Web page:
We determine materiality at two levels; first, we report our performance on issues that stakeholders have determined are material for the mining sector as a whole.

Second, we report issues that are pertinent at specific operations, in our local host context.

Sector-level material issues have been defined over many years by a wide range of organizations, including non-governmental organizations (NGOs); sustainability indexing initiatives such as Dow Jones Sustainability Index, Vigeo, and Sustainalytics; industry organizations such as the International Council on Mining and Minerals (ICMM); international organizations such as the UN Global Compact; and the GRI G3 Mining and Metals Sector Supplement Guidance for Defining Report Content.

Our Ten Guiding Principles for Corporate Responsibility, combined with established policies and practices, help us manage our activities and track our performance in these areas.

At the site level, we report on key issues that are identified as important to stakeholders through our stakeholder engagement and survey program, or that potentially impact our licence to operate. These issues are identified through our Enterprise Risk Management (ERM) process, our internal management systems audits, review of site level grievance topics, and ongoing discussion with host governments and/or communities. In keeping with past reports, we have included a table of Key Stakeholder Issues at our sites.

Overview of Material Corporate responsibility
Issues for Kinross

Issue and
Why this is important
Kinross' Guiding Principle
No job is too important, no task too urgent that it can be done in an unsafe manner. As a Company we must create an environment where we never, under any circumstances, compromise on health and safety. 1. EMPLOYEE SAFETY
With operations and offices in eight countries, a workforce of approximately 9,100 employees and a supply chain of over $3 billion, we must consistently demonstrate to shareholders and stakeholders that we maintain ethical conduct in everything we do. 2. BUSINESS ETHICS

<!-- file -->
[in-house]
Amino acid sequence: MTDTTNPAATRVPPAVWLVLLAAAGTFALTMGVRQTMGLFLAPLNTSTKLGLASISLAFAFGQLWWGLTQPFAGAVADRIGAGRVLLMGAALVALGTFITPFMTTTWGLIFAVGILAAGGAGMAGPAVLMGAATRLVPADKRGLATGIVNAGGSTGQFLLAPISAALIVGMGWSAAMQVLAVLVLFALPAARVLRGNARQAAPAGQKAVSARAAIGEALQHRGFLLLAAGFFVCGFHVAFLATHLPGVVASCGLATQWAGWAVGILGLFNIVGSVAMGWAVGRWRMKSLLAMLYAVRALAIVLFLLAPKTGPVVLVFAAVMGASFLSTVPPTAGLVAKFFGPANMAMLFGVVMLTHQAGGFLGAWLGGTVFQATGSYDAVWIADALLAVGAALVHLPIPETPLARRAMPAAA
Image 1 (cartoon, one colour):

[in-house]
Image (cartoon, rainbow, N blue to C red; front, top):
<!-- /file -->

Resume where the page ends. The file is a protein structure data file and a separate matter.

Maintaining transparent, meaningful, two-way relationships with stakeholders in the communities where we operate is fundamental to maintaining our licence to operate. 3. STAKEHOLDER ENGAGEMENT
Mining impacts the natural environment where our operations are located, and we must be diligent to ensure that these impacts do not jeopardize other uses and activities, now or in the future. Key aspects of particular focus are water, energy and climate, wastes, land use, biodiversity and compliance. 4. PROTECTING THE ENVIRONMENT
Principles of corporate responsibility must be observed and integrated into investment decisions at each stage of project life cycle from due diligence acquisition to development, operation, and closure. 5. RESPONSIBLE INVESTMENT
Respect for human rights is a fundamental expectation for any business. Our diligence in this area helps manage our impacts and generates opportunities. 6. HUMAN RIGHTS AND INDIGENOUS PEOPLES
Our success as a business relies on a motivated, engaged workforce. Creating meaningful livelihoods is one of the most powerful impacts of our business, especially in remote areas with limited alternatives. 7. EMPLOYER OF CHOICE
The positive impact of our operations in local communities depends on creating opportunities that support development of local business. 8. LOCAL SOURCING
Mining can impact communities during development, operations and closure; by engaging as a partner with the community we can better support local economic development that extends beyond the life of the mine. 9. SUSTAINABLE COMMUNITIES
It is important not only to track developments that may affect us, but to participate actively in discussions that have the potential to improve our performance as a Company and as an industry. 10. PARTICIPATE IN GLOBAL CORPORATE RESPONSIBILITY DIALOGUE

See our complete Ten Guiding Principles for Responsible Mining on